All throughout the summer, we’ll be profiling members across the 18F team. Nicole Fenton joined 18F in September of 2015. Before 18F, Nicole was a content strategist at Facebook, Lab Zero, and Mule Design in San Francisco. She started her professional writing practice at Apple, where she served as communications lead for five years and helped launch the original iPhone and iPad.
Melody Kramer: Tell me about your path to 18F.
Nicole Fenton: I studied English in college and I knew I wanted to write professionally, but I wasn’t interested in advertising or journalism. So I was thinking, “What do I do with my degree?”
I decided to apply to work at a company I respected, and at the time it was Apple. But Apple doesn’t hire people like me for writing jobs right out of college. So I applied to work in the call center. I answered the phone and worked as an email support rep for a few months, and then moved into developing training, documentation, and help content. I eventually worked my way up to leading a team of writers who supported the online store.
I was there for five years and worked on communications for product launches and a global checkout redesign, so I learned how to manage the content translation process, and write for different regions and languages. I worked with all sorts of people across the organization — sales, support, logistics, legal, and the technology teams who supported the call center. It was a very cross-functional role.
I was lucky enough to work there when the original iPhone/iPad were launched too. In doing that work, I realized I wanted to take a broader approach to writing for the web. It was right around the time content strategy was officially becoming a thing, and I very much wanted to focus on that full time alongside designers.
Since then, I’ve been doing full-time content strategy work. I started writing and talking about it more publicly. I freelanced and worked for two client services agencies in San Francisco: Mule Design and Lab Zero. I learned a lot working alongside designers and engineers, and I started thinking about the ideal process for content work. I started wishing I could collaborate with other content people—it’s rare to find a team of writers and strategists collaborating on a larger product experience. So I went to work at Facebook for a while.
That was really fun and challenging work, but I wanted to do more to help people directly. I loved the people there and the level of scale and impact — we could test things with very specific audiences and learn a lot really fast. That helped me come up with a framework for content testing and structured text. But it left me wanting more on a personal level, so I decided to leave and cowrite a book, and then I spent a couple of years consulting and speaking at conferences. And now, after reflecting on my own needs and interests, here I am at 18F.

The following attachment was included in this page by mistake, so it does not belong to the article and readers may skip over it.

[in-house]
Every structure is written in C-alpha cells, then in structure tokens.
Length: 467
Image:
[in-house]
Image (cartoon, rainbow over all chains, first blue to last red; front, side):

MK: How did you find out about 18F?
NF: I first heard about 18F through Jesse Taggert. We were friends in San Francisco before I moved to New York. We always keep an eye on what the other person is doing.
I would occasionally read the blog, and I also know Meghana from my work at the School for Visual Arts, so I was curious about the team.
As a strategist, I do a lot of thinking about goals and next steps, and I realized I wanted to work in government. My skillset — writing in plain language and designing forms and flows — is useful in this context. I mean, who has more forms than the government? I love helping people, and I’m not interested in only helping a particular demographic. Our government is here to serve the people, and I believe that means everyone.
I was also excited by the distributed nature of 18F. We’re a distributed team, and we try to be as open and transparent as we can. We write collaboratively and share our work with the public. All of those things are appealing to a wordsmith like me.
MK: What have you worked on so far?
NF: At 18F, I’ve worked with the United States Extractives Industry Transparency Initiative (USEITI) where I helped the U.S. Department of the Interior present complicated information about how public land gets used for natural resource development, and how the government distributes money from those leases. I also served a three-month rotation as 18F’s onboarding lead, and worked on a research project about digital transformation in government.
MK: What was most surprising to you about joining 18F and the federal government?
NF: Most of the time, it doesn’t feel like I’m working in government. Coming from the private sector and higher education, I expected my process to need to change a lot to support policies or existing structures.
Other than new hire paperwork, mandatory trainings, and needing to understand how the government works, my process of writing and editing and managing content projects is pretty much the same.
MK: What do you hope to take with you?
I don’t know if I can answer that yet. I am thinking through that now — what do I want to learn in my remaining time here, and what should I do next?
One thing I do know is that relationships are important, especially in government. The government is huge and I’m still new here, so I don’t know that many people. I’m trying to build strong relationships and understand what other people are working on so I can support those efforts or, at the very least, learn from their experiences.